Prof Surjit Hans, who translated all of Shakespeare to Punjabi, dies at 89

Prof Surjit Hans, who translated all of Shakespeare to Punjabi, dies at 89

Prof Surjit Hans. File photo

Vishav Bharti
Tribune News Service
Chandigarh, January 17

He had once expressed the satisfaction that what all Shakespeare wrote was now available in Punjabi, his mother tongue. Yet there was a tinge of sadness in him that despite his untiring efforts his work was yet to reach the masses.

Prof Surjit Hans, who undertook the mammoth task of translating all of Shakespeare into Punjabi, passed away on Friday morning following a prolonged illness.

He was 89. He is survived by a daughter, who is a senior journalist.

The cremation took place at 4 pm at the Sector 25 crematorium in Chandigarh. 

Punjabi is perhaps among the few languages in which Shakespeare’s complete works in translation are available. No less than 43 titles of the bard have been published by Punjabi University, Patiala.

Hans’ tryst with Shakespeare began early when as a young student of English literature he translated ‘Macbeth’ in 1955. Later, he moved to the United Kingdom and worked as a postman at Heathrow Airport for eight years before joining Guru Nanak Dev University, Amritsar.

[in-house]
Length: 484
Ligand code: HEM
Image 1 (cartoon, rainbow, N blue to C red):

Hans formally began translating Shakespeare on January 1, 1993, when he retired as head of the department of history at GNDU. He was offered a fellowship by Punjabi University. Hans at that time was paid Rs 8,000 for the translation of each play. Despite his best efforts he couldn’t go beyond two plays a year. The translation of the last play of the lot—Henry VIII—was completed in 2013.

The project was conceived in the early 1990s when Joginder Singh Pawar was vice chancellor of the university. “We always felt a large chunk of our population didn’t know English. So the idea behind offering fellowship to Hans was to popularise Shakespeare. The university’s publication bureau has done its job; now it should be introduced in the curriculum. In fact, this should have been done long ago,” says Pawar.

Hans’ accomplishment was widely acknowledged by the Indian and the British media. In 2013, when the story about his work broke in the Indian media, the British media, including the BBC and the Telegraph, lapped it up. Also known for his work on Sikh history Hans has authored 60 books in all. As a historian he belonged to the McLeod school of thought.

Born on October 31, 1930, Hans was bestowed with the Punjab Sahit Akademi and Chandigarh Sahit Academy awards. His book ‘Mittti di Dheri’ was highly acclaimed. Among his last works was the translation of Darwin’s ‘Origin of Species’ and a book of poems ‘Mrit da Sapna’.

After giving 20 years of his life to the Bard of Avon, Prof Hans would lament that the task was still incomplete for the translated work was yet to reach the masses. “Undoubtedly, Shakespeare is the greatest writer who ever walked this earth. I started translating him with the idea that it would help Punjabi readers,” he had said four years back as the world celebrated 400 years of Shakespeare.


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